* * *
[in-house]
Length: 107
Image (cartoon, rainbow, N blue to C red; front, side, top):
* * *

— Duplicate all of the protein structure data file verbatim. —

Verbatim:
[in-house]
Length: 107
Image (cartoon, rainbow, N blue to C red; front, side, top):